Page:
Isaac Asimov wrote a funny piece for TV Guide back in the day when “Star Trek” and “Lost in Space” were first launched. The casual approach to plausibility by “Lost in Space” was grist for Asimov’s mill. In the first episode of the TV series, the Robinson family’s spacecraft goes off-course and is suddenly “lost in space” in another solar system (or galaxy; I forget). Asimov quipped that it was like a small child making a wrong turn with his tricycle and ending up lost on the next continent. “Lost in Space” was pretty mindless entertainment, with entirely too much of the dramatic tension coming from Dr. Smith’s frustrated attempts to molest Will Robinson. (“Danger, Will Robinson! Danger!”)

    But perhaps I read too much into his behavior.

  14. Gregory in Seattle says

    @leftwingfox #6 – Rotten Tomatoes, which amalgamates movie reviews from many different sources, currently has it at only 26%. That is to say, their weighted average system says that only 26% of the reviews published so far are favorable.

  15. psocoptera says

    This sort of reminds me of Fevre Dream, by George RR Martin, not that I am recommending the book or anything. The last thing I read and liked with vampires in it was Octavia Butler’s Fledgling. The whole vampires like slavery thing never made sense to me. Slaves were much more expensive than orphans.

    @timberwoof – that works great in theory, but I have seen several threads derailed by people insisting that the presence of FTL (faster than light travel) makes a book not SF. Your distinction between serious SF and soft sci-fi sounds even harder to make.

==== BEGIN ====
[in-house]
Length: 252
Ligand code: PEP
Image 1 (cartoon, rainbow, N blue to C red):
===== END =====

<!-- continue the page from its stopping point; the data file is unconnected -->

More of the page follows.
16. davidmc says

    Prometheus was a massive bag of shite,its only worth seeing in the same way that jar jar binks was the best thing ever about the entire Star Wars franchise.It was anti sci fi at its worst, wait for it tto come on tv and then watch another channel , its the only way to avoid disappointment.
    “It’s worth seeing, especially if you liked any of the Alien movies with Sigourney Weaver.” needs a massive “NOT”, inserted for that sentence to make any sense to me.
    AS a long time lurker and full time slacker, i had to retreive my password to prevent you leading readers astray.
    it pains me to say this, but if you can be so utterly wrong in this, how am i supposed to take your best guess for life, in the solar system Enceladus ( gosh im gonna look a fool if i remembered that wrong now)with any kind of seriousness. sorry if this sounds harsh but even on a 2 for 1 offer i felt mugged, and the other person paid for both tickets!

  17. Daniel Schealler says

    Eh, I was planning to see it.

    My impression of the trailer was that it was going to be a campy/stupid we-know-this-is-silly-just-play-along sort of affair that could be fun to watch so long as no one takes it too seriously.